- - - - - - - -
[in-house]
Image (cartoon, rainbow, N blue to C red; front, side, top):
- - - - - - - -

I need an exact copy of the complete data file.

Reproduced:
[in-house]
Image (cartoon, rainbow, N blue to C red; front, side, top):